Slightly confused by Ubiquiti’s UniFi product line? You’re not alone, here’s the full guide to the 2019 product line and which device is best for you.
What is UniFi?
UniFi is a product by Ubiquiti and is classed as SDN or Software Defined Networking. It is an enterprise level product line which consists of WiFi APs, firewalls, network switches with and without PoE and also Ubiquiti’s VoIP phones and cameras come under this product line too.
The best way to think about it is, in your home network you may have one central router form your ISP or a company such as Netgear, TP-Link or someone else. What that one device is is actualy three seperate network devices lumped into one piece of hardware. In a normal router, you have a wireless AP, usually a 4-port gigabit switch and also a router with some limited firewall options.
In an enterprise environment, such as a hotel, airport, office, stadium or cafe – having one little device does not cut it at all. The Ubiquiti UniFi line separates all of these segments out into different devices, with a separate gigabit network switch, separate wireless AP (or APs if you have a bigger area, we’ll get to this later on) and the router, with much more advanced firewall options.
Why would I need this in my home?
Well, as we get more and more devices in our homes, with IoT devices cropping up everywhere such as smart home devices which are thermostats, smoke alarms, bulbs, smart TVs, smart speakers as well as all the phones and smart watches people have – the list of devices on the network can really add up and a lot of normal ‘all in one box routers’ can’t handle this. Especaily if we start looking at secuity options, which you will need to. (We’ll get to Security later)
Also, in terms of coverage the one router model doesn’t always work. Typically the connection from your ISP comes in to an awkward location in the house which means that is where the router goes and it probably isn’t the best location for it to go in terms of wireless coverage. As walls, metal objects, windows and furniture can block wireless signals. With UniFi, as all the devices are separated out, you could install the ISP modem, separate router and switch all down near where the internet connection comes in and then place an AP somewhere more convenient in the house, or have two depending on how large your house is.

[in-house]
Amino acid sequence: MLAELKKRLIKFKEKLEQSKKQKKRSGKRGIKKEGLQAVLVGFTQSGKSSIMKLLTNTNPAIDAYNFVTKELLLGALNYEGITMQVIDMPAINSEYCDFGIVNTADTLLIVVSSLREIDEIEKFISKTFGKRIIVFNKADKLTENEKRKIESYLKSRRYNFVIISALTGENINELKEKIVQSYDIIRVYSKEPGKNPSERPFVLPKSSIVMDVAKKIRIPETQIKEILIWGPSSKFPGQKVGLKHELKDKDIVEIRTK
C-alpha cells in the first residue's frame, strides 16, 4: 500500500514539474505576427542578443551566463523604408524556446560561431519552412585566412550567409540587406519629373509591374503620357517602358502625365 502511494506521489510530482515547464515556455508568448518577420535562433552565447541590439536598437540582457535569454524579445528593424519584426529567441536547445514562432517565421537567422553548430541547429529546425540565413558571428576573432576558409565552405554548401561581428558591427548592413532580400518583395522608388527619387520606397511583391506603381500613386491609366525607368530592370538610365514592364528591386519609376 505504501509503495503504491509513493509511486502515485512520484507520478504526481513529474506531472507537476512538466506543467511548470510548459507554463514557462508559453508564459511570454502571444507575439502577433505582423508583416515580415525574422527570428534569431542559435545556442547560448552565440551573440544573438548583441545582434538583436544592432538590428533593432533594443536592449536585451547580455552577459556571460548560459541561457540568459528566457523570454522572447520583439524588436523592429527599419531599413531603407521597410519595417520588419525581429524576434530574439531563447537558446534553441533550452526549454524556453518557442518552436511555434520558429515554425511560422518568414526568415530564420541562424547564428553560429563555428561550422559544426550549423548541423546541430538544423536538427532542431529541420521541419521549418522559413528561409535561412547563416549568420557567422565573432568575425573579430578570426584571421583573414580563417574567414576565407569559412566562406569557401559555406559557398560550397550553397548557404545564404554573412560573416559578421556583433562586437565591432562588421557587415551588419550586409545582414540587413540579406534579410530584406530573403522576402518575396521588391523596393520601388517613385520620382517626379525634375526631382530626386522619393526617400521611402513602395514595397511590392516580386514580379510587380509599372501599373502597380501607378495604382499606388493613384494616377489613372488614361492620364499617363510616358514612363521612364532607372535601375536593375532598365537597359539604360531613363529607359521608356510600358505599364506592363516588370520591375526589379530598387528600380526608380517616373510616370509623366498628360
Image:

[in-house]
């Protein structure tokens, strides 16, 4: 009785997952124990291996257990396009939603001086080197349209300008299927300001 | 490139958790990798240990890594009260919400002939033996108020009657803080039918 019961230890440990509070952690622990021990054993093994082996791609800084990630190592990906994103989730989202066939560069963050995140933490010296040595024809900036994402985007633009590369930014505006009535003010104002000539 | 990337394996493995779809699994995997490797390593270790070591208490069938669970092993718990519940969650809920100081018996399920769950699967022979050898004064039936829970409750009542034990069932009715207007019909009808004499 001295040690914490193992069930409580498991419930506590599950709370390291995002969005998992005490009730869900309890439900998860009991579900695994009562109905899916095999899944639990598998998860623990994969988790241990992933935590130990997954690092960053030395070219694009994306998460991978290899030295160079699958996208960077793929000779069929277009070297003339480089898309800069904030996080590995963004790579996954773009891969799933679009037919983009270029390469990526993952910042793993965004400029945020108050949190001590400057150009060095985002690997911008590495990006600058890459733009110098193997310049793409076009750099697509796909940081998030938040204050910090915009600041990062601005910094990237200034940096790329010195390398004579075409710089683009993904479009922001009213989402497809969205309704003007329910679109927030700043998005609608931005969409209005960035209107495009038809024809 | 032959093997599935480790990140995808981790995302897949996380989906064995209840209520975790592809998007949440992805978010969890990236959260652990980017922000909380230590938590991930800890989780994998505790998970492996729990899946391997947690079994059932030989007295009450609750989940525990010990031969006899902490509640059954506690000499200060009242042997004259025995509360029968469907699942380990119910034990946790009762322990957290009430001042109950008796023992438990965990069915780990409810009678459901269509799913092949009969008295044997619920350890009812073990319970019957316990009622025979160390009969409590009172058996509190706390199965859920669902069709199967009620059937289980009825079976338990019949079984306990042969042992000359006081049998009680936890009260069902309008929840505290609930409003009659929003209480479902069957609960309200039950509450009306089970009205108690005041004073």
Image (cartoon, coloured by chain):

This will make the overall WiFi experience in the house a lot better for everyone, especially if you have a lot of users doing stuff in the evening, video calling, streaming video etc.
When you have the one router model, smaller devices such as bulbs, phones, smart watches and tablets all have smaller antennas – think of it as the ‘listening’ capabilities, the smaller the antenna the less it can ‘hear’ effectively. Also, on smartphones, you have the signal bars in the top right – generally 3 bars means good, but 2 bars can mean anything really. So it is not wise to trust what that is saying. In my experience, 2 bars on an iPhone can be -82 to -69 RSSI.
Larger devices, such as iMacs and laptops have much larger antennas, so they can ‘hear’ better.
Basically, if you do happen to have some issues with some devices in certain locations of the house or office, it is probably due to the signal level of your device. But, on the phone it may show a ‘good’ amount of bars. Having multiple APs may help resolve this issue.
One useful quite recent feature of UniFi is WiFi AI, this sets all the access points to run a scan at on all the APs at a specific time, so if there are any interference issues – for example if you live on a busy street, with lots of neighbours there is the potential for a lot of wireless interference. WiFi AI on the APs will scan at say 3am in the morning, pick the best channel for each AP to help maintain the performance.